Saturday, April 20, 2013

Planting a Missional Church in Jupiter, Florida

Palm Beach County, Florida is typical of American culture in the early 21st century:  a widening gap between rich and poor, a challenging economy, distracted and consumed with entertainment, polarizing opinions about politics, and an increasing resistance towards God and spirituality.  This is not what the church expected 20 years ago.  At the height of the church growth movement, there appeared to be no ceiling to reaching Americans and getting them “plugged into” church.  However, post-modernity has changed the landscape of American culture and left the church struggling to find a new voice.

My wife Amber and I have spent the last eleven years as missionaries to this emerging, post-modern culture in Palm Beach County.  We have started several small communities of faith as a means to understand more about this culture and as a prophetic statement that the Kingdom of God really is like a mustard seed.  We have been tempted many times to plant a church with all the traditional trappings, but keep getting drawn back to a simple, prophetic calling: to call together a movement of the Kingdom.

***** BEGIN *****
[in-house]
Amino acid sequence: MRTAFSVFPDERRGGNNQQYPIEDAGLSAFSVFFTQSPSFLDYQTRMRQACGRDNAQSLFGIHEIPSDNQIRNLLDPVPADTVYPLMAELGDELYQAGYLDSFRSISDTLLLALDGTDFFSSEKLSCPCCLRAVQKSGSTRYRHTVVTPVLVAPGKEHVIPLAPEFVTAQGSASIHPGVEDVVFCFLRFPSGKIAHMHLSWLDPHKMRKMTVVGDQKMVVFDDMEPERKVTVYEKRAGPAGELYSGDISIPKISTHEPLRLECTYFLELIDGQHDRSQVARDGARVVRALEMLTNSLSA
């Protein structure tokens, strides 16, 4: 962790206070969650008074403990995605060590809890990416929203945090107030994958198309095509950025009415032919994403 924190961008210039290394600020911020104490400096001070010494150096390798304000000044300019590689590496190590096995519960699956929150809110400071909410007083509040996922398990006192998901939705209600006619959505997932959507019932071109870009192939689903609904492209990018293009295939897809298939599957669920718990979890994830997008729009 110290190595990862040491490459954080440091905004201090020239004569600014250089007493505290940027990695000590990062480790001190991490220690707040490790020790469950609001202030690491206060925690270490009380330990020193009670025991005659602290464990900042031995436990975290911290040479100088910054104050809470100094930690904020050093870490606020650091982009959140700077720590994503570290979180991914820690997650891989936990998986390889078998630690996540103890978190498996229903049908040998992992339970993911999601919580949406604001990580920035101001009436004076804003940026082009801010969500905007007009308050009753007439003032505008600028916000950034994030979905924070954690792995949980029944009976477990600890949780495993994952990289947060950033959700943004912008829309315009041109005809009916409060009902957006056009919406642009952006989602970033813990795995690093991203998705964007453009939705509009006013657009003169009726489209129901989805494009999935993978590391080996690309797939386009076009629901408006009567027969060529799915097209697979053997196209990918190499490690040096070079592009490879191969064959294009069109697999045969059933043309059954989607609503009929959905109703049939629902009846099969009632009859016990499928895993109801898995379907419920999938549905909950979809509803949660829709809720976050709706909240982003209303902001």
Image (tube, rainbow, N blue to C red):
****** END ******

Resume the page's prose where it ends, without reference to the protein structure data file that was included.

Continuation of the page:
We have discovered that amazing things can be accomplished if we learn how to work with the Holy Spirit and rely on his resources, not our own.  In fact, there is no back up plan, because there is no need for a back up plan.  He is the only well that never runs dry.  Along the way, we have discovered that there are a few things that really make the Holy Spirit happy:

1.  When people learn how to love and serve Jesus with their whole lives and become his Apprentices.
2.   When those apprentices join God's Mission and find ways to love and serve their friends, neighbors, co-workers, and community in which they live.
3.  When room is made for each other as friends, comrades, and companions in spiritual family - what the Bible calls Oikos.
4.  When those oikoi live in Unity and understand that they are part of God's Big Bride, the Church.

We are looking for individuals who believe in Kingdom come, have a desire to cultivate spiritual families, and want to be a part of a missional movement in northern Palm Beach County.  Specifically, we are in the process of calling together a core team who will meet together for a few months to lay the foundation for what is to come.  Later this year, we will begin following the Holy Spirit into our social networks proclaiming the Kingdom and looking for people of peace (Luke 10).  Once this first oikos reaches maturity, the process will begin again.  We will also be establishing a larger, public worship gathering and continue to provide opportunities for growth through Everyday Mission.